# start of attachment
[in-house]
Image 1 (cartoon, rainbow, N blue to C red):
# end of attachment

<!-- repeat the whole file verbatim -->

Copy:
[in-house]
Image 1 (cartoon, rainbow, N blue to C red):